In January 2020 India was in the grip of mass protests sparked by anti-Muslim citizenship laws. As a gesture of diaspora solidarity, Karim planned ‘Turbine Bagh’, a protest at the Turbine Hall of Tate Modern museum, London. ‘Turbine Bagh’ is a reference to Shaheen Bagh, the women-led protest in Delhi which was the epicentre of the resistance prior to COVID-19 lockdown. Karim worked with artists, writers, poets, musicians and thinkers across the world to create Turbine Bagh samosa packets which would be displayed at the event then sent to protest sites after. The event was postponed due to COVID-19 but Turbine Bagh carried on as a UK based platform for political art focused on India and Bangladesh. Turbine Bagh has been involved in campaigns for political prisoners and seeks to offer support to artists working in a climate of fear and repression. It began as a joint artists’ movement against fascism and authoritarianism, through the humble and familiar object of the samosa packet, and it continues. These are some of the samosa packets that were created.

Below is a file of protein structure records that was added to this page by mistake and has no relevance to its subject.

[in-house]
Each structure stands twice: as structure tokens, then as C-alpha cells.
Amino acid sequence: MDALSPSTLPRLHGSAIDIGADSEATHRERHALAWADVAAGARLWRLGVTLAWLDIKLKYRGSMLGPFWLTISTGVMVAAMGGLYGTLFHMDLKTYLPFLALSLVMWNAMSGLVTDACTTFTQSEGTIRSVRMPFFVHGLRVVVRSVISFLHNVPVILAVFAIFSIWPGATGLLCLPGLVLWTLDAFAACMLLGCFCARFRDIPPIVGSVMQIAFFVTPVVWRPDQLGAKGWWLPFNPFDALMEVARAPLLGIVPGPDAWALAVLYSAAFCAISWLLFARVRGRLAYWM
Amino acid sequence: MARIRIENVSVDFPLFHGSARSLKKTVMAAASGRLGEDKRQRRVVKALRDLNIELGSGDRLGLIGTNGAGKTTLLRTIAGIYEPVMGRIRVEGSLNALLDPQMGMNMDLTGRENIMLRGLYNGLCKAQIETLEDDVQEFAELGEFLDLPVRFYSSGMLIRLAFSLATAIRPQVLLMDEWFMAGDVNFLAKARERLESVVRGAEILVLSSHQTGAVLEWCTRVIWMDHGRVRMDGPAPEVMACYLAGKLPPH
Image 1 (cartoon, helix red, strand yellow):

Sofia Karim’s practice combines architecture, visual art and activism. She has practiced architecture for over 20 years at studios including Norman Foster’s in London and Peter Eisenman’s in New York. Her activism focuses on human rights across Bangladesh and India, campaigning for the release of imprisoned artists, including Shahidul Alam (her uncle) and Tania Bruguera. Karim is the founder of Turbine Bagh, a joint artists’ movement against fascism and authoritarianism and has staged protest exhibitions at Tate Modern (Turbine Hall). Her work has been presented at Harvard University and exhibited in museums and galleries in New York, Delhi and London. Her campaigns and art have been featured in publications including The Observer, The New York Times, The Art Newspaper and British Journal of Photography. Karim has appeared on BBC World News, Channel 4 News, Al Jazeera and Sky News. She is a visiting critic at Westminster school of Architecture.